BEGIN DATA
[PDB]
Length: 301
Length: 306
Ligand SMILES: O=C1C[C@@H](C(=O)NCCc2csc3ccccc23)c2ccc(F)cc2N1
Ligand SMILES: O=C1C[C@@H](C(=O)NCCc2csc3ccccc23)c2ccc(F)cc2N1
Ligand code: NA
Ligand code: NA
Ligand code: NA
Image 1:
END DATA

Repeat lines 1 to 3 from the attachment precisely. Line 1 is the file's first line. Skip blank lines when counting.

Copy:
[PDB]
Length: 301
Length: 306